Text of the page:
365 found items on retail shelves
12 tableau from january to december | C-print on aludibond
100 x 100 cm each
[…] “Beautiful to see all that filth shine through the transparent plastic skin that protects the observer from possible inconvenience – protected vision without the risk of infection or unpleasant odors. However, grotesque, when the observer looks at it “from the outside”. Shameful, when sooner or later one will have to take a good look in the mirror and see oneself as part of an anonymous community that carelessly generates such masses of waste. Weird to see, how waste becomes conceptual art, presented in a bureaucratically objective way without a wagging forefinger.”
Ulrich Puritz | Der Betrachter ist in Arbeit (Observer under progress) | catalog text | 2000minus2 | 365 days – 365 findings | ISBN 3- 932294-40-8
12 months |365 days – 365 found items
In 1998, on the eve of the forthcoming millienium the world showed an over excitement. The ubiquitous term ‘millennium’ marked a caesura in thinking – what would it be like if we entered the orbit of virtuality? ‘Racing stillstand’ spread. The writing and thinking of philosopher Paul Virilio accompanied our development from homo sapiens to the ‘flexible man’. Would materiality still exist beyond the millennium threshold?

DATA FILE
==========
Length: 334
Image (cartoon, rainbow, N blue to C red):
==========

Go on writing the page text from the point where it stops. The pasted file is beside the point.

We used dial-up services and ISDN modems to connection to the Internet and surfed with a maximum of 64 kBit/s.
Berlin in the late 1990s was as littered as it is today, 2020. I left on the 1st. January 1998 on a 365-day treasure hunt. Every day I stepped out to drift through public space. Civilizational flotsam passed me by until an object was washed ashore for which I bent down: it could be a notebook, a pen, a photograph, a pacifier, a toothbrush, underwear….
I carefully did my forensic work: I photographed the site and the object, I secured the evidence in a plastic bag, added street name and date and archived the whole thing in my backpack for now.
On 31. 12. 1998 I had practically a complete household equipment together. Finely sorted and assigned to the months, I re-staged the found objects in two empty Berlin apartments as tableaux vivants, calendar stories of the year 1998.
For the following exhibitions, the objects of everyday life were sealed and presented on product carriers like in a supermarket – the tableaus lying on the floor enticed the viewers to take a walk with a lowered gaze in remembrance of an analogue world.